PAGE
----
Raydon Gates, CEO Lockheed Martin A/NZ and Dr. Keoki Jackson, Lockheed Martin’s CTO announce STELaRLab in 2016. (Credit: Lockheed Martin)
Lockheed Martin is set to expand the number of researchers looking at machine learning and cognitive architectures at its nascent STELaRLab in Melbourne.
STELaRLAB – which stands for science technology engineering leadership and research laboratory – was announced in August 2016 and launched a year later.
It is a collaboration between Lockheed and the University of Melbourne. The defence contractor has put up an initial $13 million in seed funding.
STELaRLAB is the first R&D centre that Lockheed Martin has opened outside of the United States.
Its current research focuses include autonomous systems; robotics; command control communications, computer, intelligence, surveillance and reconnaissance (C4ISR); artificial intelligence; and hypersonic vehicles.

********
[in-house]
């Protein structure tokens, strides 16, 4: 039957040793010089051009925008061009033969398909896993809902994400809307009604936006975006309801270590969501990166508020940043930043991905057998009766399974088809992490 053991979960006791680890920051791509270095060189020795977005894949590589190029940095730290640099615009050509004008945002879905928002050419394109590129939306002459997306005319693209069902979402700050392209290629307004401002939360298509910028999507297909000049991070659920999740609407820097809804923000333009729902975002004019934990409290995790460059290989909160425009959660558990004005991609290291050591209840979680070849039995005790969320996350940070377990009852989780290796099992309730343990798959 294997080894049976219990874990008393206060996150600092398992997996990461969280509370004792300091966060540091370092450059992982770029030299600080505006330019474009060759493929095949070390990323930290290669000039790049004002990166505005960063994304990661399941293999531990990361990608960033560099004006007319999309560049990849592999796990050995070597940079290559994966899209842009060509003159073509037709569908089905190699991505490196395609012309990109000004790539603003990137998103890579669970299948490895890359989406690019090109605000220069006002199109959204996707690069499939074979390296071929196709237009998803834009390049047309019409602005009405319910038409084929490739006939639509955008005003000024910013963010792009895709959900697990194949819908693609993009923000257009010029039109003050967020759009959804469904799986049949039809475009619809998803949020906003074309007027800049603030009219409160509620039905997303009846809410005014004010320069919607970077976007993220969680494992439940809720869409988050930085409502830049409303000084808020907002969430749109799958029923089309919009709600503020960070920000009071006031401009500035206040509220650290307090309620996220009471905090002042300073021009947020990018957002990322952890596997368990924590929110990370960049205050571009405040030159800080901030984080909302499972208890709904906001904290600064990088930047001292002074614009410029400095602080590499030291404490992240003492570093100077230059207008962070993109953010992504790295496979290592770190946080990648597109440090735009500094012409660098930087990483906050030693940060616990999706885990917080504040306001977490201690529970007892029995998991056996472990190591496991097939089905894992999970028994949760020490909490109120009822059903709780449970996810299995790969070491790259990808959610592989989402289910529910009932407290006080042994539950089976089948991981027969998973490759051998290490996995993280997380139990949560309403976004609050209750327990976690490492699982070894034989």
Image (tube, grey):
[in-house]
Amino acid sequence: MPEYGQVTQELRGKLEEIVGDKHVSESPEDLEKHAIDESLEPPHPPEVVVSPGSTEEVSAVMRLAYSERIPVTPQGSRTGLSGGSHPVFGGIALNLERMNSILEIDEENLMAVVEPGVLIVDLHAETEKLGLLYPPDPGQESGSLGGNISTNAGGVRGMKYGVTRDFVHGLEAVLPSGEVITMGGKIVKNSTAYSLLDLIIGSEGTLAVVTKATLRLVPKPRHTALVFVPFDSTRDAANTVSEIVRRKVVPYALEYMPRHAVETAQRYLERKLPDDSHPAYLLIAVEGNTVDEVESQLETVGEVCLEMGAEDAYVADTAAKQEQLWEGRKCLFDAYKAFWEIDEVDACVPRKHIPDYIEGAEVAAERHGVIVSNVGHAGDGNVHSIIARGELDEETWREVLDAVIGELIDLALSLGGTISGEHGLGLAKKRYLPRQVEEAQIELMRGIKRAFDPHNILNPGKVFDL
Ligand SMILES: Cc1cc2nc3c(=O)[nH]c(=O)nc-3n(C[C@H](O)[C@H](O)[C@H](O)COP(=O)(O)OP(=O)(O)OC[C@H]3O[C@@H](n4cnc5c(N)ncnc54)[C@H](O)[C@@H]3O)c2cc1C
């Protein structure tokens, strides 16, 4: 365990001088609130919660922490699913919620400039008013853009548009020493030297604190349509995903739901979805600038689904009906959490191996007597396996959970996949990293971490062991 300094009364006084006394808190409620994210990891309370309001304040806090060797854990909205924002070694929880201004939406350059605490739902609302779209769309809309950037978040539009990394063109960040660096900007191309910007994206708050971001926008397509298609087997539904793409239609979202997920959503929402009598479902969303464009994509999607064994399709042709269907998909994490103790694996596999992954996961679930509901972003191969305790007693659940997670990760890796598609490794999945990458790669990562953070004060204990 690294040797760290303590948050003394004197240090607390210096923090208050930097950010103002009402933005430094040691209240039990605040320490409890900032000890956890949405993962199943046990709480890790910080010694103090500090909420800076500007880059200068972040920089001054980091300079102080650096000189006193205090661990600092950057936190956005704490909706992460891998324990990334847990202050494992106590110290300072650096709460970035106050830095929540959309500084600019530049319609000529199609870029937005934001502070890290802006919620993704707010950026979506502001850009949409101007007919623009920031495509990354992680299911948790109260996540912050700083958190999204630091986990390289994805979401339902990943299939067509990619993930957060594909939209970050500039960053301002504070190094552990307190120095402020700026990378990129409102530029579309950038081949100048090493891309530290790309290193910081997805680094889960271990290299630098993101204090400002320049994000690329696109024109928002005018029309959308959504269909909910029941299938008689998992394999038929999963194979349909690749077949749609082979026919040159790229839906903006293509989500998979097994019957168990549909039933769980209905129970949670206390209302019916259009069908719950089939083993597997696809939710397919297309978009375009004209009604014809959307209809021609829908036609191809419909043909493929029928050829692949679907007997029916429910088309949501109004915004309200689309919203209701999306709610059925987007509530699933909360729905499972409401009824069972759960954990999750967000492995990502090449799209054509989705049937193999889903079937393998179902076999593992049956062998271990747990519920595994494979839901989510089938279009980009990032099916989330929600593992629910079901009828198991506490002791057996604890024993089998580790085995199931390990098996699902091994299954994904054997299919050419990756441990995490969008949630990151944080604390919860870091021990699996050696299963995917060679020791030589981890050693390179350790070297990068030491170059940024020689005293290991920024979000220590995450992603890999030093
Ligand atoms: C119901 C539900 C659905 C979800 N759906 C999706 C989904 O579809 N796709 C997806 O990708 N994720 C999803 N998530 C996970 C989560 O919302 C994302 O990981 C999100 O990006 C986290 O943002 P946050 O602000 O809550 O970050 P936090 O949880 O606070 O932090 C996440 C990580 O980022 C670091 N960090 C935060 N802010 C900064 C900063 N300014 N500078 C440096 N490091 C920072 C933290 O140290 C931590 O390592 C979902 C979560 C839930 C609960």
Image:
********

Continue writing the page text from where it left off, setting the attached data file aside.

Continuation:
The projects it undertakes must have a “business interest to Lockheed Martin, which in turn are problems directly applicable to our national security needs”, the company said.
A few short months after officially opening the lab, the contractor said it has now identified “an immediate need to expand our groups with skills in analytics, machine reasoning and AI applications and infrastructure development”.
Machine reasoning is an evolution of machine learning that allows a system to not only learn from what it sees but to reason – much like a human would – when determining an appropriate course of action.
Lockheed intends to bring onboard two new researchers to design and implement “cognitive architecture and supporting analytics and AI algorithms for multiple programs at Lockheed Martin for both internal and collaborative projects with academia and other government research institutions”.
It said the results of the research “potentially have far reaching international impact for Australia’s defence and national security”, without elaborating.
STELaRLAB is expected to house about 20 employees within its first three years.